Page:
The Efficacy of State-Level PrEP Access Programs: A Tale of Two States

By Noah Zwiefel, Macalester College

Pre-exposure prophylaxis (PrEP) reinvents what we know about HIV prevention by nearly eliminating the risk that an individual will seroconvert after exposure to HIV. Uptake, however, has been slow in many areas where it would be most beneficial. Continue reading The Efficacy of State-Level PrEP Access Programs: A Tale of Two States

Does Protest Turnout Affect Regulatory Policy?: Anti-Nuclear Energy Protests During the 1970s-90s

By James Sanders, Christopher Dann, Irene Kyoung, Rafae Qazi, Jintao Zhu, and Yihan Zhu, London School of Economics and Bowdoin College

Our research aims to quantify the impact of protest turnout on legislative change. Specifically, we formulate a two-period model to explain the behaviour of legislators when faced with a variety of protest turnouts and preferences of the median voter. Continue reading Does Protest Turnout Affect Regulatory Policy?: Anti-Nuclear Energy Protests During the 1970s-90s

The Effect of Global Crude Oil Prices on Malaysia’s GDP and Trade

By Kah Heng Lua, University of Manchester

This study employs a time-series approach to determine the effects of changes in the global West Texas Intermediate and Dubai Fateh crude oil price benchmarks on Malaysia’s GDP and trade. The results indicate that effects from developments in global crude oil prices exist only in the short-run. Continue reading The Effect of Global Crude Oil Prices on Malaysia’s GDP and Trade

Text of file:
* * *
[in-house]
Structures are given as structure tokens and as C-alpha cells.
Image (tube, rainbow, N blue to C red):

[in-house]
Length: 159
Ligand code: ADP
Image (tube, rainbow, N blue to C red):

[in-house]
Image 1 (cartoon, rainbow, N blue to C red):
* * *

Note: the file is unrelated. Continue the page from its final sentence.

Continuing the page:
Flow-Performance Relationship of Hedge Funds Before and After the Financial Crisis

By Lucas Cusimano and Ruby Zhang, The University of Chicago

This paper examines the determinants of U.S. hedge fund flow before and after the financial crisis using comprehensive hedge fund panel data. Hedge funds offer a unique testing ground for hypotheses about investor behavior due to their limited regulation structure. Continue reading Flow-Performance Relationship of Hedge Funds Before and After the Financial Crisis

BLOG: The Growing Foreign Investment and Trade Activity of China: Analyzing the Shifting Economic and Political Structure in ASEAN

By Jingxuan Wang, George Washington University

Given that the United States and China are competing for greater economic and political influence in Southeast Asia, this paper addresses the question of whether the United States and China can significantly influence the political activity of countries in 10 countries in Southeast Asia (ASEAN) through the use of economic means. Continue reading BLOG: The Growing Foreign Investment and Trade Activity of China: Analyzing the Shifting Economic and Political Structure in ASEAN